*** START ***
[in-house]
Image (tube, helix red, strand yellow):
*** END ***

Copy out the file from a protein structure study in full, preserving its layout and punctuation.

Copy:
[in-house]
Image (tube, helix red, strand yellow):